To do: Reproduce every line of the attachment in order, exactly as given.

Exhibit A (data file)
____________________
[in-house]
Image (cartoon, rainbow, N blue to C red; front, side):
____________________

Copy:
[in-house]
Image (cartoon, rainbow, N blue to C red; front, side):